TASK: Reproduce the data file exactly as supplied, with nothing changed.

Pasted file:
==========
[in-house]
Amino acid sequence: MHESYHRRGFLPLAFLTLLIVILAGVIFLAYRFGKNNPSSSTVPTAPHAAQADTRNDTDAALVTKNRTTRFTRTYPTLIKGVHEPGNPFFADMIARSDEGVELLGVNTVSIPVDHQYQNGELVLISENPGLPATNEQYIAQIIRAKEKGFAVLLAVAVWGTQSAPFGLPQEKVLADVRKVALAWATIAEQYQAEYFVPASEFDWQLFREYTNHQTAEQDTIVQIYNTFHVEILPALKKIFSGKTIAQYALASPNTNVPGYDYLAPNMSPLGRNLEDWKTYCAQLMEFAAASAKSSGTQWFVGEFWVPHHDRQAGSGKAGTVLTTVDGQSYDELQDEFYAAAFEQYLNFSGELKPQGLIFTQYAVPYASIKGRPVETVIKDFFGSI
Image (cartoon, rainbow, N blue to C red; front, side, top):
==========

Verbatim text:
[in-house]
Amino acid sequence: MHESYHRRGFLPLAFLTLLIVILAGVIFLAYRFGKNNPSSSTVPTAPHAAQADTRNDTDAALVTKNRTTRFTRTYPTLIKGVHEPGNPFFADMIARSDEGVELLGVNTVSIPVDHQYQNGELVLISENPGLPATNEQYIAQIIRAKEKGFAVLLAVAVWGTQSAPFGLPQEKVLADVRKVALAWATIAEQYQAEYFVPASEFDWQLFREYTNHQTAEQDTIVQIYNTFHVEILPALKKIFSGKTIAQYALASPNTNVPGYDYLAPNMSPLGRNLEDWKTYCAQLMEFAAASAKSSGTQWFVGEFWVPHHDRQAGSGKAGTVLTTVDGQSYDELQDEFYAAAFEQYLNFSGELKPQGLIFTQYAVPYASIKGRPVETVIKDFFGSI
Image (cartoon, rainbow, N blue to C red; front, side, top):